with which he was not able and willing to deal . . . Usually, when 

a man asks you for criticism it means that he is asking you for praise. 
Mercier not only accepted criticism with the readiest good humour, but 
was always willing to modify what he had written if he thought you had 
made out your point . . . He wrote many books on many subjects, 

and the subjects, within certain limits, modified the style. There were, 
however, three characteristics which were never absent. The first 


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and most important was the lucidity of thought and expression. The 
second was the purity of the English. The third, which I have not seen 
mentioned elsewhere, was the abundance and felicity of the examples and 
illustrations. A fourth characteristic—the humour and sarcasm which 
distinguished him—was less uniformly manifested; but whether they 
were rigidly held in check or displayed with freedom, humour and 
sarcasm were always at his command. Mercier was the most many- 
sided man whom I have known with intimacy, and probably everyone 
who came in close contact with him could contribute some fresh trait 
of intellect or character. His knowledge of general history and 
literature was astonishing in one whose attention had been chiefly given 
to other studies. He had a few minor foibles, but there was no one 
whom 1 admired so greatly, and I shall always be proud that he was 
willing to regard me as a friend.”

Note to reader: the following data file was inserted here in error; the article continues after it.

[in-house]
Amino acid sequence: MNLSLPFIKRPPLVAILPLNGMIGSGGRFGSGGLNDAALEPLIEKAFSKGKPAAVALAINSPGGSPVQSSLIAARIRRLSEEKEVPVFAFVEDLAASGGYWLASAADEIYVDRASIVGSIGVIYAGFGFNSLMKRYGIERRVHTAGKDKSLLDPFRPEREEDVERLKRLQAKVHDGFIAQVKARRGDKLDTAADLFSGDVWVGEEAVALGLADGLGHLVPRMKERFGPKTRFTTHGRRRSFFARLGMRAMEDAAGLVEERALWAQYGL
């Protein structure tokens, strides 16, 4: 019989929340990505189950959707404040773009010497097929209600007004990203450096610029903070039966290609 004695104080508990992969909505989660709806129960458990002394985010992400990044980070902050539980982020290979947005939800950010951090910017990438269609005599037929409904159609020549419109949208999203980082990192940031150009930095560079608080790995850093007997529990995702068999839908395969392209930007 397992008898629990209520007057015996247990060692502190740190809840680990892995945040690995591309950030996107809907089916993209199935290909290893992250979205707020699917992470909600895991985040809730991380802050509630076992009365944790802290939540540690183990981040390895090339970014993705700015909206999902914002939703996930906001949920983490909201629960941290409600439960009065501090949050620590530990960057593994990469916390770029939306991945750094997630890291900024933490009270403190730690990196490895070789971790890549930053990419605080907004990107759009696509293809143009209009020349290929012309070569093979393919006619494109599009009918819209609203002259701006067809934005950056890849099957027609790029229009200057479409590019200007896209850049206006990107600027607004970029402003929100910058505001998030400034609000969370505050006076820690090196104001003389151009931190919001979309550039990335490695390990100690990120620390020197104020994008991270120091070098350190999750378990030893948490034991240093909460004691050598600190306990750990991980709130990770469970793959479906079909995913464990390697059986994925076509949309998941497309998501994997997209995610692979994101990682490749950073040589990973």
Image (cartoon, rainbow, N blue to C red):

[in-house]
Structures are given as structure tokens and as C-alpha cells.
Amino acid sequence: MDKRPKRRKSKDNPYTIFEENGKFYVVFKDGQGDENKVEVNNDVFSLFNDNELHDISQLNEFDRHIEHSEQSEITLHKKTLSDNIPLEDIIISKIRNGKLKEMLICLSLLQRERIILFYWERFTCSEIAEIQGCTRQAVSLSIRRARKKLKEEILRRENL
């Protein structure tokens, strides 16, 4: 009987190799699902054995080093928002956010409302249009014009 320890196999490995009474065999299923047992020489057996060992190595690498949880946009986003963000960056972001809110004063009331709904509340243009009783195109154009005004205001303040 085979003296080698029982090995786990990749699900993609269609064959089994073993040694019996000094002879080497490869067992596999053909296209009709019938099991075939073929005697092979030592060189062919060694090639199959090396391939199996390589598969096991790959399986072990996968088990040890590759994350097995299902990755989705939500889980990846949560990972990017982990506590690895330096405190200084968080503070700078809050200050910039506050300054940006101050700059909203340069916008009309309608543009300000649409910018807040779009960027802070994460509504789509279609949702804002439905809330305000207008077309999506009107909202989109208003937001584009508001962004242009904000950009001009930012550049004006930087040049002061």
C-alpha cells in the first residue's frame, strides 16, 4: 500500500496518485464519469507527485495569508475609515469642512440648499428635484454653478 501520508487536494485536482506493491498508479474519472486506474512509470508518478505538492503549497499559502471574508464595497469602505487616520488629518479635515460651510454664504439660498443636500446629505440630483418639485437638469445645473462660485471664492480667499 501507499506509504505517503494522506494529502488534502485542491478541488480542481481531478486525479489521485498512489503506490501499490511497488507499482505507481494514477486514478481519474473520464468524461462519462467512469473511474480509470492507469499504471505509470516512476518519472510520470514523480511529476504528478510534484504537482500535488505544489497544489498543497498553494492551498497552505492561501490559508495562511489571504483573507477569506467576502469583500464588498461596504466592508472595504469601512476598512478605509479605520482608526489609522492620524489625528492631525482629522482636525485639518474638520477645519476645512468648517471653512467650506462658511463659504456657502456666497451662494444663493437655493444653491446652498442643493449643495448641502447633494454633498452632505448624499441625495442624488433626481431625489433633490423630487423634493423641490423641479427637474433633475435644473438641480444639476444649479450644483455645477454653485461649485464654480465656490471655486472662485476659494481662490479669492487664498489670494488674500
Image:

Sir William Osier writes thus of Mercier: “ Though not of Oxford, 
and a sharp critic of her methods, the University had a great fascination 
for him, and of late years he not infrequently would spend a few days 
at the Randolph seeing old friends. It was a rare treat to have him 
dine in Hall, and afterwards, in Common Room, start a discussion on 
the need of reform in our methods of education. He had very clear 
and sound views, and argued with great ability upon the uselessness of 
logic as at present taught. He delighted to shock the classical don 
by unmeasured abuse of Aristotle, whose methods, he claimed, had done 
irreparable damage to the human mind. With a rich vocabulary and 
a keen wit he had no equal among us as a controversialist. He 
was best with a few friends after dinner, with enough port, as he would 
say, to quiet his gout. When last with me, a few months ago, he was 
in fine form—I never saw such a triumph of mind over matter—and 
entertained us with stories of his student life and anecdotes of 
Hughlings Jackson and Jonathan Hutchinson. Maitre Francois must 
have been a man of this type, and Mercier’s trick of tongue was racial. 
Controversy he loved, and, strange to say, it brought him friends; 
despite the caustic pen, he had a warm, generous heart. The courage 
with which he bore his many infirmities is a lesson to us all. Never 
complaining, he worked on to the end, and went down, as he promised,